In some of the bugs lost by CSA, the buggy behavior involved local reasoning, but the buggy code was inside loops with no explicit terminating condition, with loop exit only through conditional goto or break statements. Some of the other lost bugs involved data/control dependence on global variables. But none of these are consistent patterns, e.g., CSA does find bugs when global variables are involved in many cases.

1static void prtext(/*some params*/ int *nlinesp) {
2  /* elided host program code */
3  if (!out_quiet) {
4    bp = lastout ? lastout : bufbeg;
5    /* from input (./ test BIN 5) */
6    if (!nlinesp) {
7      /* POTENTIAL FLAW */
8      *nlinesp = 0;
9  /* elided host program code */
Fig. 4: Example code snippet lost by CSA, detected by CSA-S.

Figure 4 shows an injected bug that is detected by CSA-S but lost by CSA. The bug is the null pointer dereference on the line after the comment “POTENTIAL FLAW”. It is a real bug, as it can be triggered with the provided input test.

Vi-D Comparison with LAVA benchmarks

We run CSA and Infer tools on the LAVA-1 benchmarks. We use version 7.0 (the latest available at the time of writing) of CSA for this experiment, keeping other analysis parameters the same as in § VI-B. The LAVA-1 benchmarks consist of variations of the file program, with each variant having one injected buffer overflow bug. As discussed in § V, we stipulate for the sake of this evaluation that the bug location is the line consisting of a lava_get() call, and give a tool credit for identifying the bug if it specifies a location within 5 lines of this. In all the LAVA test cases we used, we found that the lava_get() call location matched the first location provided in the corresponding backtrace included with the LAVA corpus.

In total, CSA reports between and warnings on each of the LAVA-1 benchmarks. In of the programs, CSA does not report on any LAVA-injected bugs. In the remaining programs, CSA issues warnings at the injected bug locations. Upon manual inspection of each of these examples, we determined these warnings to be unrelated to buffer overflows.555The reported warnings were one of: “pointer of type void* used in arithmetic”, “nested extern declaration of vasprintf”, “implicit declaration of function vasprintf”, “pointer arithmetic on non-array variables relies on memory layout: which is dangerous”. Thus, CSA reports no relevant warnings on the LAVA-injected bugs. In total, Infer reports between and warnings on each of the LAVA-1 benchmarks. However, none of the Infer warnings are at the LAVA-injected bug locations.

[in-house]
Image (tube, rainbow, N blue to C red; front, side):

1  /* inside a for loop */
2  if (ml->map)
3    apprentice_unmap(((ml->map))+(lava_get())*((0x12345678
4     <= (lava_get()) && 0x123456f8 >= (lava_get())) ||
5     (0x12345678 <= __bswap_32((lava_get())) && 0x123456f8
6     >= __bswap_32((lava_get())))));
7  free(ml);
Fig. 5: Example LAVA-injected bug.

To summarize, both CSA and Infer report warnings on the LAVA-1 benchmarks, but none of these are related to the LAVA-injected bugs. Thus, the projected recall of both of these tools is on the LAVA-1 benchmarks. This result is not particularly surprising, as LAVA is biased towards testing the limits of fuzzing tools, and injects code that looks like the snippet in Figure 5. Such bugs would typically be out of scope for accurate reasoning by most static analysis tools, as the tools have to make static approximations and/or heuristic choices weighing a fine balance between precision, recall, and scalability. These results—that leading open-source static analysis tools have zero projected recall—indicate that LAVA benchmarks are not well-suited for discriminating between different static analysis tools (refer RQ2), or that they include bugs that are in scope for the evaluated static analysis tools (refer RQ1). Also, LAVA can only inject a very small number of bug kinds (refer RQ4).

Therefore, while LAVA has been successful in advancing fuzzing techniques [38] and helping create capture-the-flag-style competitions [27], it is less relevant in evaluating static analysis tools.

Vii Limitations and future work

Bug-Injector currently chooses an injection point in the host program uniformly at random from all the dynamic trace points that match the bug template’s preconditions. Thus, host program points that are exercised more frequently by the accompanying tests are more likely to be used for injection, as they appear more frequently in the dynamic traces. Bug-Injector can be combined with coverage-increasing input-generation techniques like concolic testing [30] to obtain an improved program-wide distribution of injected bugs. This would however sacrifice Bug-Injector’s technique independence property.

Bug-Injector does not currently support the injection of concurrency-related bugs. We plan to add such support. Our first step will be to improve instrumentation so that concurrency-related information such as the current thread and process is available in the trace.

Bug-Injector cannot always inject a bug template into a host program, because there is not always a dynamic trace point that matches all the preconditions and free-variable requirements for the template. To increase the chances of finding injection points in a host program, we plan to enhance Bug-Injector to allow for variable rebinding to aggregate structs and fields.